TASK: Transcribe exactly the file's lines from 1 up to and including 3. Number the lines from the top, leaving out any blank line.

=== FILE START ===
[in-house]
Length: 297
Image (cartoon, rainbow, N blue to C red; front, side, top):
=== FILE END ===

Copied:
[in-house]
Length: 297
Image (cartoon, rainbow, N blue to C red; front, side, top):